In January of 2009, the ITC has passed a new ruling that prevents the import of refilled Epson cartridges into the USA by any other company other than Epson. However, Epson's own recycling program does not include reusing the cart nor refilling it. Epson claims it "allows schools and nonprofits nationwide to return ink cartridges for rewards that can boost fundraising efforts and help the environment. Educational and nonprofit organizations can earn points by collecting genuine Epson ink cartridges and sending them to FundingFactory for recycling. The cartridges will be converted to energy through an environmentally sound incineration process at a licensed waste-to-energy recycling facility."

My opinion is that ink cartridges can and should be designed for reuse and/or refilling. There is no technically convincing argument that ReUse or refilling is impossible from a business point of view - other than it opens the market to competition. The incineration of a semi-conductor chip and a plastic ink cartridge produces heat but it is not environmentally the best choice when a product can easily be designed for ReUse. It also produces ashes that no one would want to spread on their vegetable garden or above their water source.

If the choice is between two diametrically opposed options such as economics or ecology, only the choice of ecology can actually preserve both options. If we choose a business model that involves consuming as much as possible in order to make as much profit as possible, we consciously turn on our backs on sustainability of this Earth. Yet if we focus on the ecology, we consciously turn towards models of sustainability of our businesses as well as the Earth.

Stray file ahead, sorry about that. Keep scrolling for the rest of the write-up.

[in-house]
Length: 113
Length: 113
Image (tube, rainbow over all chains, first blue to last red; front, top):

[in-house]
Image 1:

Can inkjet be sustainable? is it possible to own a printer designed to consume inks and papers, yet leave a small footprint on the environment? Certainly, the present model is anything but sustainable. The manufacturer expects the user to buy small amounts of ink in plastic cartridges, use the ink, and throw the cartridges away. There may be a recycle program available that incinerates the cartridges, but there is no reusable program in place that is encouraged and nourished. Incinerated cartridges produces toxic material for landfill. The material takes up less space. However, the solution is not to discard in the first place.

Being green is a universal concept. Every individual can have the choice of leaving a small footprint on this Earth if they are given the correct choice of products, or if they choose the correct products. The most powerful source is the customer, and when the customer begins questioning how their consumables are packaged, that question works its way up stream to effect powerful changes.

The ecological footprint is defined by how much air, soil and water is required to sustain us.

Piezography brand inks have shaped in many ways the relationship black and white photographers have had to digital photography as they transitioned from traditional chemical photography. While I preserved the ways of the old through alternative choices made available to printmakers, I did not conceive of the vast amount of cartridges which I was manufacturing and which were ending up in landfill.

My hope is to provide a catalyst for change in this industry, by providing a high-standard, alternative choice. Bringing a high-quality, color ink in a perpetual, reusable cartridge system is a first step that will have an immediate environmental impact on an individual basis. To transition from being part of the problem to becoming part of the solution is a tremendous challenge that somehow feels natural because of the end-result produced by the effort.